Exoplanets

Exploring the universe

The hunt for Planet X


When I was a little kid, I was very interested in the planets of our solar system, at that time no exoplanets had been discovered yet. I had memorized the order and the name of the nine planets. Mercury, Venus, Tellus, Mars, Jupiter, Saturn, Uranus, Neptune and Pluto.

Wait now there are only eight planets in our solar system. Is what I learned as a kid no longer correct? Yes Pluto is no longer considered a planet by science it is a dwarf planet. But astronomers still thinks there is a ninth planet out there somewhere.

Urbain Le Verrier was an nineteenth-century mathematician and physicist that with help of Newtonian mechanics made calculations on Uranus orbit to predict the position of the undiscovered planet Neptune. Later observations of Neptune's orbit led to the speculations that it is another undiscovered planet outside Neptune. 

Pluto and Charon Courtesy NASA/Johns Hopkins University Applied Physics Laboratory/Southwest Research Institute

 

Percival Lowell was a businessman. He founded the Lowell Observatory in flagstaff, Arizona in the beginning of the twentieth century. He started a project of finding the mysterious ninth planet that was given the code name Planet X. In 1930 the planet (sorry the dwarf planet) Pluto was discovered by Clyde Tombaugh. From the outside of the Neptune orbit and 20 AU (1 AU is the distance between Earth and Sun) out in space is the region called the Kuiper Belt. Kuiper Belt is an asteroid belt that probably has over 70 000 object with a diameter of 100 kilometers. Outside this belt the whole solar system is surrounded by Oort's cloud the origin of comets. Pluto was the first Kuiper belt object to be discovered. Pluto has a diameter 2 377 kilometers comparing with the moon 3 474 kilometers and the smallest planet Mercury has an diameter of 4 879 km. For almost 50 years Pluto was thought to be larger than Mercury, it was first when detecting Pluto's moon Charon in 1978 that it was possible to measure Pluto's mass.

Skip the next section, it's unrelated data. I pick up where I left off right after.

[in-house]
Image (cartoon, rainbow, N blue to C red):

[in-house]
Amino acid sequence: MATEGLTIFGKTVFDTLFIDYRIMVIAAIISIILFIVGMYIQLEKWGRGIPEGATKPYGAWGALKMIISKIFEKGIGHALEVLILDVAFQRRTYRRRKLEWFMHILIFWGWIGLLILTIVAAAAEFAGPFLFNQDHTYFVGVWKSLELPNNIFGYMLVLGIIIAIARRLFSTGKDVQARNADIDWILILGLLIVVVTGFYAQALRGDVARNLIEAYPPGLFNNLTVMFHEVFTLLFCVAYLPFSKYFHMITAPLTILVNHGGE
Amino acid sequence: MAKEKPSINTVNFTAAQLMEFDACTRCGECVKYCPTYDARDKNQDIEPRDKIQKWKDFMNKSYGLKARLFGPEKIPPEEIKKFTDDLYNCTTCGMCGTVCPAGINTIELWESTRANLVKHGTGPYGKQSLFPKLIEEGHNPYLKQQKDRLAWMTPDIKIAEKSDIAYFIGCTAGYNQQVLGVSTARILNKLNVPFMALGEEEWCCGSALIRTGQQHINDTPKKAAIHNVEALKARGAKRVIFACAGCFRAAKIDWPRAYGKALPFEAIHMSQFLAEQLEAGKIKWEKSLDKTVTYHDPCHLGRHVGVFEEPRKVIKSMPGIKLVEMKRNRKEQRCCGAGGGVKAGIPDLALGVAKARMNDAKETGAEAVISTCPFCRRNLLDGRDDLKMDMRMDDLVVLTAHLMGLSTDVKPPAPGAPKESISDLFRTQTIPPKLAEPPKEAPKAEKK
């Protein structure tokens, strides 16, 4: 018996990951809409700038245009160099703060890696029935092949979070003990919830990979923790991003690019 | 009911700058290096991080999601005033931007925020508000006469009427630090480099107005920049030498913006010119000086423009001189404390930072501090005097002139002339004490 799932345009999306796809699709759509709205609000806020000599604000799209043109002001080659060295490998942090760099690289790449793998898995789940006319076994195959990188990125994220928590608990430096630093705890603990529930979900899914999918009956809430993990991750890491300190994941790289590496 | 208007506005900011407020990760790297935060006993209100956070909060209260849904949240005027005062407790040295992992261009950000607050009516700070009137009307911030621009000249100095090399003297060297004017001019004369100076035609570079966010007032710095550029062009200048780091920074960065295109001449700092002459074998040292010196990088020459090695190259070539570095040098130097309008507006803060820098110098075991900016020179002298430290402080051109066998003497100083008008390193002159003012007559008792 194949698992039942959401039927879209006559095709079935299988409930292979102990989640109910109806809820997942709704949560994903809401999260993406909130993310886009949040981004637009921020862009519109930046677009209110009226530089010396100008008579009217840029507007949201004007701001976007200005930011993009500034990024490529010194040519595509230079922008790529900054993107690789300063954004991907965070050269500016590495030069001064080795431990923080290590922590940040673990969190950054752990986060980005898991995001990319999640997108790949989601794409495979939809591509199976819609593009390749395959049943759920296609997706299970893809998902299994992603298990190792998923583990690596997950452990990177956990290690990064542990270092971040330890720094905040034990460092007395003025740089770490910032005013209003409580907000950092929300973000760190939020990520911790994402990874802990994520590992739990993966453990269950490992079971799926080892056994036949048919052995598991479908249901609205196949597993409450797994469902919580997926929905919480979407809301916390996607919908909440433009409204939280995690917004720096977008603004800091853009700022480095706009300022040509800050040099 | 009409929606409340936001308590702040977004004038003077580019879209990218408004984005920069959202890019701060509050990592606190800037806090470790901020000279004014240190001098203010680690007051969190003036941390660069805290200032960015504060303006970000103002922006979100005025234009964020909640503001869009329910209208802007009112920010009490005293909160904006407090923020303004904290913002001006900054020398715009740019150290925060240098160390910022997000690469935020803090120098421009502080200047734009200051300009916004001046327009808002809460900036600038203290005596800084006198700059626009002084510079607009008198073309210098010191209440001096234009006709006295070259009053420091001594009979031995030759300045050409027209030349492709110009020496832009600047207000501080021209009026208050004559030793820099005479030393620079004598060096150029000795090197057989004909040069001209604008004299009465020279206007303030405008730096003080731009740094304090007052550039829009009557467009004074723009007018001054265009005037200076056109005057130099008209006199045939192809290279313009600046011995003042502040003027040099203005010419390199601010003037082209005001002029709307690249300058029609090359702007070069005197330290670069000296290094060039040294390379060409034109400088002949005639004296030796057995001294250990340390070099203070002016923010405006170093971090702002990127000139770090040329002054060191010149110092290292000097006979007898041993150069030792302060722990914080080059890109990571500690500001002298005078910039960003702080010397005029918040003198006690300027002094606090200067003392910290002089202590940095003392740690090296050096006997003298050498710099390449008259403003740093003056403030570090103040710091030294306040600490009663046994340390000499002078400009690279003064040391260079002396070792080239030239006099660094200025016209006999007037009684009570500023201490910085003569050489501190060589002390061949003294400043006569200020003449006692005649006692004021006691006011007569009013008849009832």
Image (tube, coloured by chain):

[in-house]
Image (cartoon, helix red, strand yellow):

in 1987 the Astronomer David Jewitt encouraged Jane Luu that was graduate student at the time to look for objects outside Pluto with the words "If we don't, nobody will." They discovered after five years work in 1992 several larger object in the Kuiper Belt that confirmed that there is an asteroid belt in that region. In 2003 the dwarf planet Sedna was discovered  at 80 AU three times as far as Neptune from Sun. Sedna has a diameter of 995 km. In 2005 Eris (first know as Xena) was discovered Eris has a diameter of  2 326 km which is almost the same size as Pluto, but Eris is more massive than Pluto and many astronomers considered Eris as the tenth planet in our solar system. International Astronomical Union come to another conclusion in 2006 and downgraded Pluto to not be an planet. 

Following five objects in our solar system has been classified as dwarf planets by IAU so far

  • Ceres was discovered in 1801 in the asteroid belt between Mars and Jupiter. Ceres was for decades considered being a Planet, but was downgraded to be an asteroid (Déjà vu anyone?), now it has been upgraded to be a dwarf planet. Ceres has a diameter of 946 km and is at a distance of 2.77 from the Sun
  • Pluto at a distance 39.48 AU from Sun
  • Haumea was discovered in 2004 and named after the Hawaiian goddess of childbirth Haumea has a diameter of 1 632 km at a distance 43.13 AU from Sun